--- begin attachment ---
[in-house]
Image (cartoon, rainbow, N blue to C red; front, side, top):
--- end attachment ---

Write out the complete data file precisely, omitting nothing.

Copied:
[in-house]
Image (cartoon, rainbow, N blue to C red; front, side, top):